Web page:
As a follow up to the most recent Scanfest I’d like to lay out in more detail some of the options for photo annotation in particular. No matter what I’ve said about annotation in the past, (and I’ve said a lot) it’s better you read from the present backwards.
It’s been a learning process for me too and some things I’ve tried in the past, and might have even liked at the time, I wouldn’t go back to. … [continued]
What I’d like is a reliable multifaceted universal file search option with an option in the context menu that will take me to whatever it is I want to know when I want to know it. And some quick editing functions at the same time. In other words, I want everything and I want it immediately. A workable alternative to Windows Explorer. … [continued]
Another caveat for all you Picasa lovers. If you have keywords embedded in photos outside Picasa do not expect Picasa to know that unless they’re JPG’s.
You can double your work by adding tags (keywords) to your TIFF’s in Picasa too. It’s a fun thing to do because Picasa will then allow you to search them. But, unless you are 100% done with your ‘real’ photo work and have time to add this as icing to your cake, I would discourage you from wasting your time on it. … [continued]
Here’s the short version: … [continued]
If you’re going to annotate your photos, one of the likely reasons is to be able to share it. This is some of what I’ve discovered about sharing IPTC & GPS from various programs. … [continued]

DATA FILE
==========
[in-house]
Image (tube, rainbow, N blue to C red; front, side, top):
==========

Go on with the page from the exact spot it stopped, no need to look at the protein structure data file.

Sometimes, it’s tempting to try to tell a long story under a photograph but after experimenting with five different programs, I would recommend limiting your IPTC Captions to one line. People’s names, for instance, and a date, if you must. Otherwise, you could run into printing problems. … [continued]
I just got a newsletter from Marlo Schuldt saying that his Heritage Collector software is now able to embed IPTC metadata. My ears perk up whenever I hear IPTC. Good one, Marlo. The more software sharing IPTC metadata the better.
A long time ago, Marlo and I had a very long conversation about filing systems and family history and life’s quirky little moments and everything else under the sun … It went on for several months over hundreds of emails. I didn’t like his, then new, software. I thought it was too boxed in and heading for trouble. He thought I was flying too far out of the box. So, after enjoying our friendship, he went back to working on his software and I went on to become a rabid fan of IPTC. … [continued]
Update: MediaDex has been defunct since 2008. It’s now called Canto Single User. I don’t recommend it. If you’re looking for good IPTC software, try Photo Mechanic or GeoSetter.
Only because I have eyes in the back of my head, I know that some of you have tackled MediaDex for your IPTC ambitions, or are in the midst of tackling, and you’d probably like to shoot me for even suggesting it. But if it’s not too late, I’m going to reveal some of the inner workings of this mysterious software.
IPTC is a standard for embedding metadata in photographs. This is a summary of what is and isn’t IPTC-compatible software.
2010 update: MediaDex has been defunct since 2008. It’s now called Canto Single User. I don’t recommend it. If you’re looking for good IPTC software, try Photo Mechanic or GeoSetter.
IPTC has pretty well taken over my life now. This is akin to a religious conversion. … [continued]